LeBron speaks out, calls Trump 'so-called president'
(TSX / STATS) -- Cleveland Cavaliers superstar LeBron James referred to President Donald Trump as the "so-called president of the United States" while calling for unity in the wake of the Charlottesville, Va., tragedy over the weekend.
During his annual family reunion charitable event Tuesday night in Sandusky, Ohio, James gave an emotional speech as he held his daughter, Zhuri, in his arms and was flanked by his two sons, LeBron Jr. and Bryce Maximus, while standing on stage before students, parents, Cavs teammate JR Smith and pop musician Jordin Sparks.
James took advantage of his first public appearance since the NBA Finals to call out Trump's actions.
"I know there's a lot of tragic things happening in Charlottesville," James said, via ESPN.com, before leaving the stage at Cedar Point amusement park. "I just want to speak on it right now. I have this platform and I'm somebody that has a voice of command, and the only way for us to be able to get better as a society and us to get better as people is love.
"And that's the only way we're going to be able to conquer something at the end of the day. It's not about the guy that's the so-called president of the United States, or whatever the case. It's not about a teacher that you don't feel like cares about what's going on with you every day. It's not about people that you just don't feel like want to give the best energy and effort to you. It's about us. It's about us looking in the mirror. Kids all the way up to the adults. It's about all of us looking in the mirror and saying, 'What can we do better to help change?' And if we can all do that and give 110 percent ... then that's all you can ask for.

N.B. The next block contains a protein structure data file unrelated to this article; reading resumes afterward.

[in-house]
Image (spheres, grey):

"So, shoutout to the innocent people in Charlottesville and shoutout to everybody across the world that just want to be great and just want to love. Thank you, and I love you all."
A "Unite the Right" rally in Charlottesville led by white supremacists, neo-Nazis and Ku Klux Klan members clashed with counter-protesters in the streets and a car plowed into the crowd on Saturday, killing 32-year-old Heather Heyer and injuring at least 19 others.
Trump initially said on Saturday that "many sides" were to blame for the violent scene, then on Monday condemned neo-Nazis, white supremacists and KKK members involved as "repugnant" before stating at a press conference Tuesday "there is blame on both sides" for what happened.
James has been outspoken on his political beliefs in the past, endorsing Hillary Clinton in the November election and introducing her at a rally in Cleveland two days before she lost to Trump.
James also referenced Trump on Twitter on Tuesday afternoon, hours before his foundation's event:
"Hate has always existed in America. Yes we know that but Donald Trump just made it fashionable again! Statues has nothing to do with us now!"
Updated August 16, 2017